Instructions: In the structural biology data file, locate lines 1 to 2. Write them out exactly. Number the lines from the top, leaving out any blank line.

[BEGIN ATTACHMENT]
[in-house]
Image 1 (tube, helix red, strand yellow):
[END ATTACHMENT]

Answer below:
[in-house]
Image 1 (tube, helix red, strand yellow):